• Candie's, the clothing business aimed at teenagers, which hooked up with Motorola recently to sell a phone that comes with Candie's accessories and that sports the company's logo. Starting in the spring of next year, Candie's hopes the phones will generate traffic to its stores--consisting at the very least of people wanting to buy the latest cell phone holder.
"The phenomenon of extending brand images to electronics has already swept Japan, and this new arrangement will allow Candie's to bring it to young women here in the United States," said the company's chief executive, Neil Cole.
But although companies are starting to add wireless marketing to their advertising budgets, some analysts believe they may be selling to an empty room. For one, the overall market is still relatively small. There are an estimated 3 million wireless Web users in the United States, compared with the hundreds of millions that routinely surf the Internet.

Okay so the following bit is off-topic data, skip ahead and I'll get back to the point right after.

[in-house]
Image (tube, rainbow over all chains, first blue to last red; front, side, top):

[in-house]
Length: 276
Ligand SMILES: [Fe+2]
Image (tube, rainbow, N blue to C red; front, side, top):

Most carriers won't divulge how many wireless Web subscribers they have, although AT&T Wireless has said it has about 1.1 million subscribers to data services such as e-mail or wireless Web surfing.
But that won't stop carriers from attempting to wring as many dollars as they can from each cell phone user on their networks. Many wireless companies are digging deep into their wallets, forced to pay for expensive wireless spectrum and new, faster equipment to update their networks to handle bigger loads, such as a possible boom in wireless video.
Some cell phone owners don't see the point to wireless marketing at all.